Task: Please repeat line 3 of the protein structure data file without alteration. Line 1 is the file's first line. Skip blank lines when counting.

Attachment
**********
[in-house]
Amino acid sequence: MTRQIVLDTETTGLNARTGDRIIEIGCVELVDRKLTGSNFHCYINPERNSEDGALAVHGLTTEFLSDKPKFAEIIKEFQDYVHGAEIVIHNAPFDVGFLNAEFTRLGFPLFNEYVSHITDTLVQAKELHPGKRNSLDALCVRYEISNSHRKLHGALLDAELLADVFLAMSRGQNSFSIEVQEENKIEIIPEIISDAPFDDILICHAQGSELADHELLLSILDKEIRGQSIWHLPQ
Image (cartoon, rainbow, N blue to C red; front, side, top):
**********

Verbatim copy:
Image (cartoon, rainbow, N blue to C red; front, side, top):